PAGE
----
However, at times, especially in the last few episodes, they overplayed their hand and put too many irons into the fire.

Case in point. Seeing the backstory of Kate and how the Battle of New York changed her? Cool. Seeing Echo (Maya Lopez) and how Ronin affected her life? Totally makes sense. But then doing that for Yelena (Black Widow II)? Was that really necessary? And then throwing Kingpin into the whole mix? Yeah, way too much going on.

In fact, it felt like the show didn’t know what it wanted its main event to be at times. At first, it was Tracksuit Mafia, then it was Echo, then it was Yelena, and then Kingpin, back to Yelena while also doing Kingpin and then suddenly Echo was a good (enough) person and so on and so forth. The focus was all over the place and it was hard to keep track and give certain characters their due.

Clint (thankfully) came off the best. I loved how seeing “Rogers The Musical” (Can we admit that people in general in the MCU just DON’T get Steve Rogers? Seriously, you think he would’ve wanted that?) triggered him in various ways, as well as the “Thanos Was Right” stuff that was all over the place.

Here is a man who just wants to be with his family for Christmas and honor the loss of his friend in Black Widow, and yet life just keeps throwing curve balls to prevent that. It was heartbreaking (in the good way) to see him make that promise to his kids to be home for Christmas and then day after day he had to deal with the fact that he might not be able to live up to that promise.

Add to that, his feelings about Natasha, as well as what he did as Ronin, really made the character come to life in a way that the Avengers films (and yes, I include Civil War in that blanket statement) only lightly touched upon.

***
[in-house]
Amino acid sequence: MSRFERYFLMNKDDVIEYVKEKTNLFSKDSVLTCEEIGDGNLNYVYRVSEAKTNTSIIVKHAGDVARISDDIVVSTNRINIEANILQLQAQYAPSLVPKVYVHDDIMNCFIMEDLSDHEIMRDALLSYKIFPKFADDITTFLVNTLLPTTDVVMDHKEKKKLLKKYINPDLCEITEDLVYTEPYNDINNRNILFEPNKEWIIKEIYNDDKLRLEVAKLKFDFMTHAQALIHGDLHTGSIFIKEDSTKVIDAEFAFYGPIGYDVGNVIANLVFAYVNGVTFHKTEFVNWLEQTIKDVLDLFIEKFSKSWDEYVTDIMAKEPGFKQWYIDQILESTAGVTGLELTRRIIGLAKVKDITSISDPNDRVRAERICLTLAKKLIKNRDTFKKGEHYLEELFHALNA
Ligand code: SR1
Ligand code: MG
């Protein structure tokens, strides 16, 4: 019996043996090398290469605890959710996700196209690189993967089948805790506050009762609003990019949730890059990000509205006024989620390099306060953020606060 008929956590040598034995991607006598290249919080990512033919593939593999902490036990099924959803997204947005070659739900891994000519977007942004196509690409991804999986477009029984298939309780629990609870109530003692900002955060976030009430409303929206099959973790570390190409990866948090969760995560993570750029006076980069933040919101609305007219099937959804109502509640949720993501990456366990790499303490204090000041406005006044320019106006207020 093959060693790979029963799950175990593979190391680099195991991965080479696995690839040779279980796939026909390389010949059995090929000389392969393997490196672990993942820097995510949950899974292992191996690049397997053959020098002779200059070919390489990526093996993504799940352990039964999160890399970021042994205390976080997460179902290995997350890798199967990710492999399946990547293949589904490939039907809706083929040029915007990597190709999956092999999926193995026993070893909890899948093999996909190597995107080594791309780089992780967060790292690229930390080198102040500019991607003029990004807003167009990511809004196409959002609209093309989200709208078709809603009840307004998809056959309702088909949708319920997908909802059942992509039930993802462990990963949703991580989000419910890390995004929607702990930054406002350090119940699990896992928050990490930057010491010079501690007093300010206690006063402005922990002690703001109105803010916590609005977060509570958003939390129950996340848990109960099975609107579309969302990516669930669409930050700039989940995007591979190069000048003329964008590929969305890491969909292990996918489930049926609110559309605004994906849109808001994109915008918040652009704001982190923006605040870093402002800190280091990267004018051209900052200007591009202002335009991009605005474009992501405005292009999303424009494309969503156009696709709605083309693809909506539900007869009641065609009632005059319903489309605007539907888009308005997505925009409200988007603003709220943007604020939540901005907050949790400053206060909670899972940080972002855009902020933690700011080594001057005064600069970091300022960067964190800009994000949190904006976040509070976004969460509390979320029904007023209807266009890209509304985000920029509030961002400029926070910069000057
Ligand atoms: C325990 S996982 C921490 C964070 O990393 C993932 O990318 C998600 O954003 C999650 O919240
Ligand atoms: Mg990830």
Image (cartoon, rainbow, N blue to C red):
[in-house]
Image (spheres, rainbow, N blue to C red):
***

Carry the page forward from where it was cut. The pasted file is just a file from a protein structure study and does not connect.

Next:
And when it came to protecting Kate Bishop, especially from herself, he never came off as overbearing or forced. He more than anyone knew the consequences of the hero line of work. So of course he would want Kate to be safe while they dealt with everything.

Kate Bishop meanwhile came off mostly fine. Hailee Steinfeld definitely brought a confidence and eagerness to Kate that definitely made her stand out in a good way. And how she played off of Hawkeye was great for the most part.

However, they did overplay her at times, including making her seem reckless to a fault, and refusing to acknowledge, or even respect at times, the man whom literally inspired her…and has WAY more experience than she did. Was it funny the first few times? Sure, but when she was doing it near the end…? It was a bit too much.

Speaking of a bit too much…Yelena. One of my main criticisms of the MCU was the portrayal of Natasha Romanov. She was used as eye candy, a love interest for Hulk, and was WAY too comedic at times, even for an MCU character. Her sister’s arrival in Hawkeye was foretold by the end credits of Black Widow (more on that in a bit) and yet here…she wouldn’t stop talking! Or listen!